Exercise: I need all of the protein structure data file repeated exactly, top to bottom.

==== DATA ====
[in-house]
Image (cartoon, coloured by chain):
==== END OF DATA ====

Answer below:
[in-house]
Image (cartoon, coloured by chain):